Last month OpenSignal published its State of Mobile Networks: Malaysia report, examining the 3G and 4G experience provided by the Southeast Asian country’s large complement of mobile operators. Today, we’re drilling down into that data a bit more to see how those six operators’ 4G services stacks up in Malaysia’s largest city and political and economic center: Kuala Lumpur.
We looked at 4G availability and 4G speeds in Kuala Lumpur between June 1 and August 31 so we could compare the results directly against the national averages we recorded for each operator in our report. Let’s start with 4G availability.
Mirroring its results in our national report, Yes had the most widely available 4G service in Kuala Lumpur in our tests. OpenSignal users were able to latch onto a Yes LTE signal 93.1% of the time, putting it well ahead of its rivals. As a 4G-only provider, however, Yes has a big incentive to build a highly accessible LTE network as it has no 3G data network to fall back on. One other interesting thing to note: Yes’s Kuala Lumpur availability remained consistent with its nationwide availability score of 93.2%, reflecting the fact that much of its customer base is concentrated in the big cities.
Meanwhile, the other six operators all saw big increases in their availability scores in KL compared to their national scores. Maxis was able to provide an LTE connection to our testers 86.2% of the time in the capital versus 80.5% of the time across the country. Celcom and DiGi had availability ratings of 80% or better in Kuala Lumpur, while on the national level both had 4G availability scores below 75%. Even the poorest performers in our national 4G availability rankings, U Mobile and Webe, provided strong signals in KL, offering up LTE connections more than 70% of the time in our tests.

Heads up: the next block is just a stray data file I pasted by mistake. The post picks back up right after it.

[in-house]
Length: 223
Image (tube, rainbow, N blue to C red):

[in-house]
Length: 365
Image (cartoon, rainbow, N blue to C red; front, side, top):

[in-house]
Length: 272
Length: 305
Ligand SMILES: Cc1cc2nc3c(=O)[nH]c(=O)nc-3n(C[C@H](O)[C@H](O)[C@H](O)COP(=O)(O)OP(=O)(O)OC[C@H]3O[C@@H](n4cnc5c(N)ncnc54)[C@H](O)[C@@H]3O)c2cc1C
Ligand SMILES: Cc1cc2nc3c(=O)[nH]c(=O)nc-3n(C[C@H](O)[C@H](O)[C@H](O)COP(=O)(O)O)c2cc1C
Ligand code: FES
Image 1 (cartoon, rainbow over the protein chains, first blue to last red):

In 4G speed is where we saw the biggest contrasts between Malaysia’s six providers. In short, the fast got even faster in the capital region, while the slow got even slower. Celcom, DiGi and Yes saw their tested LTE speeds jump upwards in Kuala Lumpur by several megabits compared to their national averages. At the other end of the spectrum, U Mobile and Webe’s already poor national 4G scores dipped even lower in our KL measurements. U Mobile saw the biggest drop in our tests, averaging LTE downloads in the capital of only 5.5 Mbps.
The most interesting speed result, however, was the winner of the category. While Maxis won OpenSignal’s national 4G speed award hands down with an average LTE download of 23.6 Mbps, its measured speeds in KL were a tad slower. That helped Yes close the gap, and the result was a statistical tie between Maxis and Yes in Kuala Lumpur for 4G speed with both averaging downloads over 23 Mbps.
The Malaysian capital is certainly no stranger to consistent LTE connections, though our data shows that the speed of those connections varies dramatically depending on the network. Tell us about your own 4G experiences in Kuala Lumpur in the comments section below, and if you haven’t done so already, download OpenSignal’s apps to test those networks for yourself.